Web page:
If you’ve been visiting us every weekday since January 8th, hungering for new installments of this list like famished wolves waiting to be fed, you undoubtedly noticed that the wolf-keeper had no flesh for you yesterday. Various events conspired to prevent me from finishing and posting the latest installment before my blog time ran out. In a small effort to make up for that, I’m beginning today’s posts with this new trio of entries instead of making it the last post of the day, which is what usually happens.
The first minute-and-a-half of this song was all it took to ensure its place on this list. I was convinced the first time I heard those opening 90 seconds. The rest of the song just reinforced the conviction, though it’s often very different from the solo guitar instrumental that comes first.
The song is “As I Walk Among Sepulchral Ruins” by the German band Witching Hour off their 2018 album …And Silent Grief Shadows the Passing Moon. I had the pleasure of premiering the song last November, and in that post I commented about the album as follows:
“I suspect that most of us who are fans of black/thrash come to it for the blood-rush and the ferocity, for the feeling of demonic cruelty and chaos — intertwined with neck-wrecking riffs. What we usually don’t expect, and what Witching Hour deliver through the new album, are other dimensions of sound, style, and emotional resonance that give their music a mystical, dreamlike, and even somber aspect in the midst of all the slaughtering.
This song is damned good proof of what I was attempting to describe. That opening sequence of beautiful guitar notes, both glistening and scratchy — vibrant yet edged with a sound of sorrowful longing — provide the prelude to a galloping riot of lycanthropic howls and vicious slashing chords. But while the music becomes orders of magnitude more cruel and chaotic than the way in which it began, those gorgeous opening notes don’t completely disappear.
The song is a mad slasher and thrasher, but variations on that opening melody resurface, giving the song a strong element of glorious brightness in the midst of all the blood-lusting hunger in the riffs, all the cavorting and catapulting drum work, and all the wild, savage barbarism of the vocals. And the song ends as it begins, like visions in a dream, which is just great.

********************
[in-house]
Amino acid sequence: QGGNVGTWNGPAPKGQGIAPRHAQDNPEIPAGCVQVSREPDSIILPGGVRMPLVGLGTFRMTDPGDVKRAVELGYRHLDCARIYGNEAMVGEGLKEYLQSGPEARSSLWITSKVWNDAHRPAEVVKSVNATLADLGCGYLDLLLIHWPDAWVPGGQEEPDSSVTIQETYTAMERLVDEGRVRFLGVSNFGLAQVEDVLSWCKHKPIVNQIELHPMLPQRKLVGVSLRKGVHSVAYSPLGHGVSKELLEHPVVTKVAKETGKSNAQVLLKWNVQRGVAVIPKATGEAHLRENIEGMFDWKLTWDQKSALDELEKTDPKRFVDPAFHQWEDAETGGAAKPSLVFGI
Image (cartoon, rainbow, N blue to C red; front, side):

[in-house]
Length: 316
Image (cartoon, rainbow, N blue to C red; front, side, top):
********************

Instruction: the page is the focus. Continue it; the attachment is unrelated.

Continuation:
IN THE WOODS…
Like the first song in today’s installment, this next one also had me completely hooked within the first minute-and-a-half. Or to be more precise, at the 1:02 mark when the chorus first appears following a gloomy, gothic intro, and James Fogarty sends his voice skyward. My spine still tingles when I hit that point — and every other time the chorus recurs.
This song is “Cloud Seeder“, and it was one of the many outstanding tracks on the latest album by In the Woods…, which my friend Andy called “a fascinating, enthralling piece of work” in his review. In this particular song, Andy detected “more than a few strands of creative DNA” that this incarnation of In the Woods… shares with their compatriots in Borknagar, writing that “the breathtaking bombast of ‘Cloud Seeder’, could quite easily – with only a few minor alterations – find itself a place on Urd or Winter Thrice“.
That is perhaps one reason why I like this song so much, but as Andy also observed, this shouldn’t be taken as a sign that Cease the Day is somehow a derivative or uninspired piece of work: “For all the clear similarities between the two bands betrayed by these two songs [“Cloud Seeker” and “Respect My Solitude”], Fogarty and Kobro still possess a clear voice and vision of their own, and neither band (or their fans) should take this comparison as anything but a positive one in both directions.”
And of course, the album as a whole explores other territories besides those revealed in these songs. The whole album really is magical, but man, this song is especially wonderful.
The last song for today is “Infâme Saurimonde” by the French black metal band Aorlhac from their most recent album, L’esprit des vents. The entire album is fantastic, and I had some difficulty deciding which song I would choose from it for this list. But this one finally won out.
“Infâme Saurimonde” is gloriously incendiary, gloriously rifftastic, gloriously rampant in its soaring excess, and gloriously clever in the way it interweaves different melodic textures. It is one of the most extravagantly passionate pieces of music I heard last year (thanks in significant part to the incredible vocals), with an electricity that’s highly communicable. At the same time, its fieriness and furor are intertwined with a moving atmosphere of melancholy — it’s full of life, and full of pain.
And as for the differing melodic accents, the extended guitar solo that arrives in the middle channels the strains of medieval music in a way that’s completely natural within the flow of the song, and the melody that follows it, performed on an instrument much, much older than electric guitar, deepens the song’s connection to centuries’ old folk music — and deepens the song’s strong allure, which becomes deeper still when the whole band pick up that melody and carry it forward in an incredibly vivid, whirling dance.